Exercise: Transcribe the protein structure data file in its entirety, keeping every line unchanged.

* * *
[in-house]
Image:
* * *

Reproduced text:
[in-house]
Image: